Detailed information on potential confounding variables for atopic diseases including child’s age, sex, maternal atopy, passive smoking, older siblings at birth, and household income (low, ≤500,000 NTD; medium, 500,000–1,000,000 NTD, and high, >1,000,000 NTD) were recorded and analyzed. The measurement of total and allergen-specific serum IgE levels was also performed and the results were recorded. Allergen-specific IgE levels were determined using a commercial assay for IgE (ImmunoCAP Phadiatop Infant; Phadia) for a mix of three most common food allergens (egg white, milk, and wheat) and two most common inhalant causing sensitization in more than 95% of children in Taiwan (Dermatophagoides pteronyssinus and Dermatophagoides farina)30, 31. Values of a total IgE level exceeding 100 kU/L was considered indicative of IgE sensitization32. Allergic sensitization was defined as ImmunoCAP Phadiatop Infant values ≥0.35 kU/L33.
Sample Collection and Storage
Throat swabs were collected by a physician using sterile cotton swabs before inhaled or nasal administration of corticosteroids for regular daily treatment. None of the subjects had received antibiotics for at least four weeks prior to the sampling. Sampling was performed carefully without touching any surface (i.e. tongue, mouth, and teeth) other than the oropharynx and by using a tongue depressor. Each swab was rubbed at least three times around the oropharynx with swab rotation without interruption. After sampling, the swab was immediately placed back into the collection tube and stored at −80 °C until further use.
DNA Extraction, 16S rRNA Gene Amplification, and Sequencing
Bacterial DNA was extracted from the throat swab using a FastDNA Spin Kit for Soil (MP Biomedical, Solon, OH, USA) following the manufacturer’s instructions. DNA was extracted with 70 µL of DNase/Pyrogen-Free Water and the purity was quantified by measuring the absorbance at 260 and 280 nm with a spectrophotometer (Nanodrop 1000; Thermo Scientific, Waltham, MA, USA). All samples had an A260-to-A280 absorbance ratio between 1.8 and 2.1. Polymerase chain reaction (PCR) was used to amplify the variable region 3 (V3) to V4 of the gene that encodes for 16 S rRNA in bacteria. The V3-V4 region of the 16S rRNA gene was amplified by complementing both Bakt_341F (CCTACGGGNGGCWGCAG) and Bakt_805R (GACTACHVGGGTATCTAATCC) with sample-specific barcodes34, 35. The amplicons were quantified and standardized to the same concentration using a Qubit 3.0 fluorometer (Thermo Fisher Scientific). PCR products with a concentration of less than 1.0 ng/µL were excluded from the study36, 37. Amplicon pyrosequencing was performed on the Illumina MiSeq platform (Illumina, Inc., San Diego, CA, USA) using the MiSeq reagent kit v3 at 600 cycles, according to the manufacturer’s instructions. The sequence data and mapping file for all the samples included in this study have been deposited in Figshare (http://dx.doi.org/10.6084/m9.figshare.3839838).
Sequence Processing and Data Analysis
Illumina sequencing was performed by using paired-end 300 bp reads and the entire target was assembled with a central overlap of 50 bp by using PANDASeq38. Reads less than 100 nucleotides or lacking a correct primer and chimeric sequences were removed39. Data analysis was performed using the software “Quantitative Insights into Microbial Ecology” (QIIME)40. Assembled sequences were clustered into Operational taxonomic Units (OTUs) using UCLUST at 97% sequence identity41, and taxonomy classification was assigned based on full-length 16 S rRNA gene database, Greengenes42. Any sequences present once (singletons) or in only one sample were filtered out.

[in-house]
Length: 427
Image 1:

Bacteria diversity was analyzed with QIIME v1.8 software and rarefaction curves based on the number of species were generated for each sample from randomized OTU draws. Richness of each sample was calculated with the Chao1 index43 and diversity accounting for both relative abundance and evenness was evaluated with Shannon index44. Beta diversity was calculated between groups at OTU genus level using QIIME, and Phyloseq package and Adonis in R. Principal Coordinate Analysis (PCoA) plot in conjunction with unweighted UniFrac and non-metric multidimensional scaling (NMDS) plot in conjunction with RLB distance measure were produced to show clustering between groups45, 46. Rare OTUs were defined as less than 0.01% of the reads in a given sample, and were removed if more than 50% of all samples47, 48. Abundance differences between allergic airway diseases and healthy controls were tested using metagenomeSeq Bioconductor package for the R statistical computing environment49. A novel normalization method avoids bias due to uneven sequencing depth and a zero-inflated Gaussian distribution mixture model removes testing bias resulting from undersampling of the microbial community. A false discovery rate of 5% was applied to correct for multiple tests50.
Differences and comparisons of the baseline characteristics among the asthma patients, rhinitis patients, and the healthy controls were performed using univariable parametric and non-parametric tests such as analysis of variance (ANOVA) and Kruskal-Wallis test respectively. All continuous variables, such as species richness and diversity were analyzed using the Mann-Whitney test for comparison between two groups and the Kruskal-Wallis test for comparisons between three groups. Repeated measures two-way analysis of variance (ANOVA) with first order autoregressive covariance structure was used to study the interaction between allergen sensitization and the relative abundance of the microorganisms for allergic airway diseases, and adjusted for confounding variables including age, sex, maternal atopy, passive smoking, older siblings, and household income. Statistical analysis was performed by using the Statistical Package for the Social Sciences (SPSS Statistics for Windows Version 20.0; Armonk, NY, USA). All statistical hypothesis tests were two-tailed and a P-value < 0.05 was considered significant.